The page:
Omnibus prik

Answer – and you’re closer to a grant: What’s in it for the EU - why should they give you a pile of money?

"We miss out on funding because we don’t adequately describe the impact that a grant giver like the EU would get out of supporting a project."

[Translate to English:] Illustration: Morten Voigt

Says Associate Professor Peter Kristensen from the Department of Engineering - Molecular Engineering, who certainly has experience of applying for funding from the EU's framework programmes for research. In this particular context, it’s just as interesting that he is also an evaluator - that is, he is involved in assessing other researchers’ applications to the EU's new framework programme Horizon 2020 (H2020). 

Is it obvious?

"As researchers we think scientifically, therefore we describe our project in scientific terms down to the smallest detail and then think that it must be obvious to the grant giver what they will get from supporting the project. But we thereby keep on falling into the same trap where we don’t communicate the result and outcome of the research clearly enough to the people who will be giving us the money."

The grant giver needs answers

In other words, in Peter Kristensen’s experience as a researcher and evaluator, researchers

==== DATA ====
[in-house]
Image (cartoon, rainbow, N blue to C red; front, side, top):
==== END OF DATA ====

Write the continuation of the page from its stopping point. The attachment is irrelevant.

must get better at providing clear answers to the questions that the grant givers ask when they look at an application.

"Such as: What would Europe get out of supporting the project in the competition with the USA? How can the EU differentiate itself in relation to Japan by supporting the project? Researchers often fail because they don’t describe the impact, and not necessarily because of the scientific content in an application." 

On the other side of the desk

For Peter Kristensen, deciding to be an evaluator in the first round of H2020 is a completely conscious strategy.

"I’ve chosen to sit on the other side of the desk for this round because it gives me a greater understanding of what’s required for a successful application. I’ll get to evaluate 9 or 10 applications and I’ll use what I learn from that when I send in my own H2020 application in one of the later rounds this autumn."

Benefiting researchers

Other researchers at the Department of Engineering will also benefit from Peter Kristensen’s experience as an evaluator.

"At the Department of Engineering we have created a database with the names of evaluators, so that the researchers who are preparing an application can get a former evaluator to look it over before they submit it. In this way, we draw on one another’s experience at the department."

Member of expert group

Peter Kristensen is also a member of one of the six expert groups that have been established in order to attract more research funding to AU’s bank account. As an experienced researcher he benefits greatly from the academic discussions in his group.

However, he does not yet think the group has managed to spread much knowledge to the less experienced researchers in the academic environments, even though this is one of the scheme’s objectives.

"We actually discussed this at one of our latest meetings. We need to get better at telling the less experienced researchers how they can best cut through the red tape in the EU and elsewhere. But we still haven’t found the philosopher's stone in terms of the best way to contact the researchers out there in the research environments."

Translated by Peter Lambourne